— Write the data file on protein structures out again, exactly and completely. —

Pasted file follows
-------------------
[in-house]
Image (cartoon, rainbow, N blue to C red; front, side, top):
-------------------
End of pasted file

[in-house]
Image (cartoon, rainbow, N blue to C red; front, side, top):